Category Archives: $4.99

Framed [$0.99] feels like the first half of what should be a really good game. It's a title with a great premise: rearranging comic book panels both in order and rotation so that the protagonist in the scene makes it to the end without getting detected by cops or falling to their doom. The cops in the world of Framed were not the academy's best and brightest students, as they don't even turn around for the protagonist running through doors right behind them. "See no evil, hear no evil, speak no evil" is the motto of the Framed Police Department, but good for the characters in this game, all trying to get control of a mysterious briefcase...

Tomorrow is Thanksgiving here in the States, and as with pretty much any major holiday developer Pixbits have updated their phenomenal crafting adventure game Junk Jack X [$4.99] with holiday-themed content. There's a new Pocket Turkey rare pet, a craftable hay bale block, new dyeable wood panels which can be coupled with the new sloped barn roof and supports so you can build your very own barn(!), and finally there's a Thanksgiving zombie that will drop a rare "weapon" should you come across it. Yes, they put "weapon" in quotes because I imagine it's something silly like a turkey leg or maybe a poisonous buckled hat...




Even if you've never heard of the Lone Wolf series of gamebooks written by Joe Dever (with their sporadic publishing history I wouldn't blame you), Joe Dever's Lone Wolf [$0.99], a new adventure made specifically for mobile platforms, has got a lot of initial punch. While everything seems to start like any other gamebook you've played on iOS, as soon as you reach the first battle of the game, it's clear that this game has got some strong ideas about where to take gamebooks in the future. The 'Wow' factor of turning the page to an illustration that comes to life in full 3D can't be underestimated, but in its quest to escape the shackles of its old format, Lone Wolf trips over some very familiar problems inherent to its new one. In the style of our reviews of The Walking Dead [Free] and The Wolf Among Us [Free], this review will be appended to as each new act releases...

'Crystal Siege HD' for iPad Review - Tower Defense Ain't Dead Yet

Certainly, tower defense is a genre where it's difficult to really rock the boat too much, especially since the genre's evolution was accelerated by the fact that it was a great fit for mobile, and everyone and their mother decided to apply their take on the genre. But hey, the games are still pretty fun, and there's still the occasional title with a clever twist on the proceedings. Crystal Siege [$2.99] from Carrot Games and FDG Entertainment tries to apply an action-RPG take on tower defense, without drifting too much into the action-RPG side of things, like Dungeon Defenders [$2.99] does. As such, this winds up being a take on the genre that does some great things for itself while not rocking the boat too much...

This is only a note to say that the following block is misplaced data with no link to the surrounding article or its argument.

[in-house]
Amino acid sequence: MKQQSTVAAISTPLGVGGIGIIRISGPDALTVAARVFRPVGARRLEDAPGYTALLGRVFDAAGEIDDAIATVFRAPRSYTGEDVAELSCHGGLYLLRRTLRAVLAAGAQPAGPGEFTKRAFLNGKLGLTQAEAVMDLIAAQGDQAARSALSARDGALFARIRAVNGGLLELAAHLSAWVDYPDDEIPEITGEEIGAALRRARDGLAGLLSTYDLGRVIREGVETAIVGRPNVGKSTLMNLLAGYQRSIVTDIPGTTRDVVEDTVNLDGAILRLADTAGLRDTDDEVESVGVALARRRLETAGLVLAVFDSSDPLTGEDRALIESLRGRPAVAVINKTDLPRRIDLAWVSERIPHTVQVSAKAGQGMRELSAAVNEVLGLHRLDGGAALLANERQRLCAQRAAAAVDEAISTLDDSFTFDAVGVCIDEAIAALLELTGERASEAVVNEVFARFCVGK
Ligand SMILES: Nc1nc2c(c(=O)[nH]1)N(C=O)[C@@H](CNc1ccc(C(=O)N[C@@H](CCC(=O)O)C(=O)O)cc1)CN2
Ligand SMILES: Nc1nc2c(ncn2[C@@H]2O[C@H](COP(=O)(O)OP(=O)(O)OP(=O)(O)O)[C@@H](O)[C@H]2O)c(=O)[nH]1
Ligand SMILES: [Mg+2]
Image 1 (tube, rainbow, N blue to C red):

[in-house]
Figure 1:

One of the true App Store classics is Kairosoft's 2010 release of Game Dev Story [$4.99], which was pretty much just a simple port of a game that they originally released on PC in Japan in the late '90s. It wasn't the prettiest game, nor did it have any fancy features that took advantage of iOS's capabilities. What it did have was an unparalleled gaming experience that let you create your own fictional game company and release your own fictional games. The amount of tongue-in-cheek humor and video game cultural references was incredible, and the game itself was a very satisfying simulation. The game's popularity prompted Kairosoft to release a multitude of similar simulations for mobile devices, and while many of them are quite good there's really nothing that's topped Game Dev Story...

The fourth and final installment of Forge Reply's digital gamebook Joe Dever's Lone Wolf [$0.99] is now officially available for download, just as we learned it would be earlier this month. The new installment, titled Act 4 - Dawn Over V'taag, will run you $4.99 if purchased on its own, or if you've previously bought a Season Pass it will simply be available for download. Here is a trailer detailing the Dawn Over V'taag episode...

Character action games are a genre that feels underrepresented on iOS, perhaps because they inherently rely on complex button combinations for combat that just don't translate very well to the touchscreen. Well, about a month ago, Ghost Blade [$4.99] launched on the App Store seemingly out of nowhere, and set a standard for how these types of games should be built for the touchscreen. Rather than rely on a set of virtual buttons, Ghost Blade uses intuitive touchscreen gestures for its combat mechanics, and it works incredibly well, creating a very satisfying experience. ..

App Store Classic 'Space Miner' Getting a Modern Update, Sequel Still in the Works Too